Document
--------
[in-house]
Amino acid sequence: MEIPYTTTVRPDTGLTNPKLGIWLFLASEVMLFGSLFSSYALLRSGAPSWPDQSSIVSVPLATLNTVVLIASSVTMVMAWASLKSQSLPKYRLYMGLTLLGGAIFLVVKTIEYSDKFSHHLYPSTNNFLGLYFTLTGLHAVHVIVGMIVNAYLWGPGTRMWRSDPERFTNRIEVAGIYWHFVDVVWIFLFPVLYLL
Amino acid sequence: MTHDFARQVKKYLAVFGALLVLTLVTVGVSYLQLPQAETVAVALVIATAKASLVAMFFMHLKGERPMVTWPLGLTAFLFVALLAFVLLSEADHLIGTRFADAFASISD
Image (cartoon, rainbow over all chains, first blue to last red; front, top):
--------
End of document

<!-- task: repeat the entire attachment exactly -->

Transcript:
[in-house]
Amino acid sequence: MEIPYTTTVRPDTGLTNPKLGIWLFLASEVMLFGSLFSSYALLRSGAPSWPDQSSIVSVPLATLNTVVLIASSVTMVMAWASLKSQSLPKYRLYMGLTLLGGAIFLVVKTIEYSDKFSHHLYPSTNNFLGLYFTLTGLHAVHVIVGMIVNAYLWGPGTRMWRSDPERFTNRIEVAGIYWHFVDVVWIFLFPVLYLL
Amino acid sequence: MTHDFARQVKKYLAVFGALLVLTLVTVGVSYLQLPQAETVAVALVIATAKASLVAMFFMHLKGERPMVTWPLGLTAFLFVALLAFVLLSEADHLIGTRFADAFASISD
Image (cartoon, rainbow over all chains, first blue to last red; front, top):